Dutch authorities today said they had started testing chicken meat stemming from poultry farms affected by a tainted egg scandal to determine whether it, too, was contaminated.
Scientists are looking for the presence of fipronil, a substance potentially dangerous to humans, after supermarkets in Germany, the Netherlands and Belgium pulled millions of eggs from the shelves.
Now millions of chickens face being culled in the Netherlands as the scandal widens.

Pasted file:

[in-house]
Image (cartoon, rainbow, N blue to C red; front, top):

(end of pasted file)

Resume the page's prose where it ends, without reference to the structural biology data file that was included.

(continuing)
"We are currently testing chicken meat in the poultry farms where eggs were infected to determine whether the meat is contaminated as well," Tjitte Mastenbroek, spokesman for food security agency NVWA, told AFP.
The probe focuses on "a few dozen" farms that produce both eggs and chicken meat, NVWA said.
Most farms exclusively produce one or the other, said Eric Hubers at LTO, a Dutch farming organisation.
If the meat tests negative for fipronil, producers will be cleared to resume sales, Mastenbroek said, calling the tests "a precautionary measure".
LTO said the probability of chicken meat found to be infected was small.
(This story has not been edited by Business Standard staff and is auto-generated from a syndicated feed.)